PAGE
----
Skip to main page content
Access keys NCBI Homepage MyNCBI Homepage Main Content Main Navigation
Controlled Clinical Trial
, 39 (9), 649-57

Development of Active Hip Abduction as a Screening Test for Identifying Occupational Low Back Pain

Affiliations
Controlled Clinical Trial

Development of Active Hip Abduction as a Screening Test for Identifying Occupational Low Back Pain

Erika Nelson-Wong et al. J Orthop Sports Phys Ther.

Abstract

Study design: Analytic observational prospective study performed in a controlled laboratory setting.

Objectives: To assess the ability of a new screening tool, the active hip abduction test, to predict low back pain development during prolonged standing in previously asymptomatic individuals.

Background: Most screening tools used for a patient with low back pain do not assess the patient's ability to maintain postural control in the frontal plane, when placed in an unstable position. Postural-control differences in pain developers, as compared to non-pain developers, during standing have been found previously. An attempt was made to predict pain development with a simple screening test.

Methods: Forty-three previously asymptomatic volunteers underwent a clinical assessment prior to a 2-hour standing protocol designed to induce low back pain. Participants rated low back pain with a visual analog scale and were classified into pain developers or non-pain developers.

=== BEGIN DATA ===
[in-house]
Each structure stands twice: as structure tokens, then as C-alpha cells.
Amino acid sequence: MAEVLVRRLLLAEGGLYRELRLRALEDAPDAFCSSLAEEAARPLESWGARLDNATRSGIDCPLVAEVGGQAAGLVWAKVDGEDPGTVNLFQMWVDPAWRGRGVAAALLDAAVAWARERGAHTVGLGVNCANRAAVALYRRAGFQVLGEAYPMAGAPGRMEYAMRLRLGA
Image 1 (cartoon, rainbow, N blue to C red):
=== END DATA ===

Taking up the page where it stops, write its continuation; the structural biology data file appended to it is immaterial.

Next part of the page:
Results: Forty percent of participants developed low back pain. The active hip abduction test was the only test that discriminated between pain-developer groups. When the examiner scored the test, the odds ratio was 3.85 (95% confidence interval [CI]: 1.05-19.07), and when the test was self-rated, the odds ratio was 6.55 (95% CI: 1.14-37.75) for pain development during standing.

Conclusion: The active hip abduction test appears to show promise for predicting individuals who are at risk for low back pain development during prolonged standing. More work is required to validate the test in clinical populations, and to assess interrater and intrarater reliability.

Similar articles

See all similar articles

Cited by 11 PubMed Central articles

See all "Cited by" articles

Publication types

LinkOut - more resources

Feedback